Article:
24 April 2012
Venue: SOLD OUT
Romeo Castellucci of Socìetas Raffaello Sanzio in conversation with Nicholas Ridout
THIS EVENT IS NOW SOLD OUT
Nicholas Ridout discusses the practice and processes of adaptation with director Romeo Castellucci of Socìetas Raffaello Sanzio, Italy’s leading experimental theatre company. Recent projects by SRS include The Minister’s Black Veil (2011) from a short story by Hawthorne and a trilogy inspired by Dante’s Divina Commedia (2008).
After graduating with a degree in painting and scenography from the Academy of Fine Arts in Bologna, in 1981 Romeo Castellucci founded Socìetas Raffaello Sanzio with Claudia Castellucci and Chiara Guidi. Castellucci developed an original stage art, bringing together a range of art forms – theatre, music, painting, opera, mechanics, the creation of images – in order to reach his audience. He has created numerous productions in the role of author, director and designer of lights, sound and costumes, and is known as an author of performance based on the totality of the arts. During the 1990s Castellucci took on classical texts as well as epics, notably Gilgamesh (1990), Hamlet (1992), The Orestea (1995), Giulio Cesare (1997) and Voyage au bout de la nuit (1999). Castellucci has also written various essays on the theory of directing plays, which trace the development of his theatre. The French Government awarded him the title of Chevalier de l’Ordre des Arts et des Lettres in 2002. In 2008 he was Artiste Associé at the Festival d’Avignon. His productions are regularly invited and commissioned by the most prestigious theatres and festivals in world-wide.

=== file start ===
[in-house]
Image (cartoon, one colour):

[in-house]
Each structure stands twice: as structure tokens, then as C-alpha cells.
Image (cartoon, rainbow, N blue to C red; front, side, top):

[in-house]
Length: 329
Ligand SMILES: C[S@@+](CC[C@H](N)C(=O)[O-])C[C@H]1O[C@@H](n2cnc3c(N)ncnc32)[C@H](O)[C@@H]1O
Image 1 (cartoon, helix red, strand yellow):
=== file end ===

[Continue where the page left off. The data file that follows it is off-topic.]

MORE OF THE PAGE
Nicholas Ridout is Reader in Theatre and Performance Studies at Queen Mary, University of London. His research is concerned primarily with a political understanding of the theatrical event as an instance of cultural production, an affective experience and a mode of social organisation. Nick is the co-author of The Theatre of Socìetas Raffaello Sanzio, with Claudia Castellucci, Romeo Castellucci, Chiara Guidi and Joe Kelleher (Routledge, 2007), and author of Stage Fright, Animals and Other Theatrical Problems (Cambridge University Press, 2006).